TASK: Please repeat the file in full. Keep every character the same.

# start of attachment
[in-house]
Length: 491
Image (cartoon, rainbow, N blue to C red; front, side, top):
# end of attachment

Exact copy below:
[in-house]
Length: 491
Image (cartoon, rainbow, N blue to C red; front, side, top):